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I'm about to change from DSL to Cable

Discussion in 'Tomato Firmware' started by SM188, May 3, 2009.

  1. SM188

    SM188 Addicted to LI Member

    is there a setting I need to turn on with it like PPPoE on DSL modems? Cause that's how I'd like to keep it where the router is being used to keep my connection and not the modem.
     
  2. gawd0wns

    gawd0wns LI Guru Member

    When you get cable, you don't have to do anything. Your ISP will most likely authorize you access to the network/internet by the MAC address of your modem, I have never heard of any cable providers requiring a login.

    Under WAN internet type, under Basic settings, you will most likely have to select DHCP, or STATIC if you have a STATIC setup... Though I think DHCP should still work in this scenario.

    Cable is like cruise control, you don't have to do anything... except steer.
     
  3. FattysGoneWild

    FattysGoneWild LI Guru Member

    Yeah cable is extremely simple. Plug and play. I would suggest cloning the mac address since you will be moving to cable. Certainly not a have to. I have always done it myself though.
     
  4. gawd0wns

    gawd0wns LI Guru Member

    I'm just curious, why don't you want your cable modem to handle the connection? Unless your router has a spot to convert the cable signal, I don't see how it will be possible.

    I think everything concerning the actual DHCP negotiation is done at the router level and not the cable modem.
     
  5. bripab007

    bripab007 Network Guru Member

    Gawd0wns, your cable company does, indeed, hand out an IP address, either static or dynamic, to your router, via the cable modem acting as a bridge.

    You're confusing this with the DHCP that your router handles internall on your LAN.
     
  6. SM188

    SM188 Addicted to LI Member

    I want the router to handle the connection is because when I first had DSL hooked up. I had my router set on automatic DHCP (if I recall) and the signal would drop here and there. But once I switched it to PPPoE my signal hasn't dropped. I just want to avoid doing the power cycle garbage I went through
     
  7. humba

    humba Network Guru Member

    That's not something you have control over. A cable modem is a simple media bridge.. it converts the signal from the Coax cable to Ethernet. You then connect any Ethernet capable equipment to the Ethernet port of the cable modem (there are also modems that are USB based (mine even has both) but I'd recommend strongly against that.. and nowadays every computer has an Ethernet port anyway)..
    There's no such thing as keeping a connection alive... you're thinking of PPPoE where there's a layer above the physical one (the model always does the physical layer.. it never gets to tomato/any router/any device connected to the modem). If your DSL provider uses PPPoE that session on top of the physical layer can be terminated on the modem, or a router, or a PC. But, that's not the only way to do DSL either - there are DSL providers that use DHCP so there's no PPPoE session to terminate (things are just like Cable with DHCP). Other DSL providers provide you a static address that you need to plug into the end equipment (router, pc, whatever)... once again there are also cable providers that do it like that and once again there's no PPPoE connection to terminate anywhere.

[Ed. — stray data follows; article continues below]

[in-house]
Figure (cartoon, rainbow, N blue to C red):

Bottom line, only when you have PPPoE (or PPTP.. there are a bunch of protocols but PPPoE is by far the most widely used one) is there a connection that you can terminate on an equipment of your choice. With cable, unless your cable provider uses a Telstra like System (change it in your router.. you'll see they do have authentication), there's no session to terminate and no credentials.. and if you want to cut the Internet link, there' no PPPoE session to tear down.. instead you need to deactivate the WAN port of your router, or disconnect the physical connection, unplug the cable modem, unplug the coax input to your cable modem, or activate the "No internet" mode some cable modems have (that's a button on the device that allows you to terminate any and all connectivity.. but you cannot do that remotely, somebody needs to press the button).

    Also, what you said about your DSL cannot quite be.. if the provider uses PPPoE, you would have to put the DSL modem into bridge mode.. just changing what the router does wouldn't be enough as the modem would still try to set up the connection. And I have yet to encounter a provider that would allow you to chose if you used DHCP or PPPoE.. not even sure that's technically possible. When your router uses DHCP and your modem is set up without bridging, the modem would terminate the PPPoE session and then you'd use DHCP on the LAN port of the modem.. so if you connect Tomato there, then it would do DHCP. But if you then want to terminate the PPPoE session no the router, there's no way around reconfiguring the modem.
     

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